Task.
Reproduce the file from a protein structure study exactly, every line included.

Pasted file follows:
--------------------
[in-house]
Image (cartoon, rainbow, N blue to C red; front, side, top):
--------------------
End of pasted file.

[in-house]
Image (cartoon, rainbow, N blue to C red; front, side, top):